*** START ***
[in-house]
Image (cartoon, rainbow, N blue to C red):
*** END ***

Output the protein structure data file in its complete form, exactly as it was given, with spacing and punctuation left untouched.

[in-house]
Image (cartoon, rainbow, N blue to C red):